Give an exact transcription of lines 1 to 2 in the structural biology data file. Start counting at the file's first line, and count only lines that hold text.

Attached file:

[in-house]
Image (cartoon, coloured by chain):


[in-house]
Image (cartoon, coloured by chain):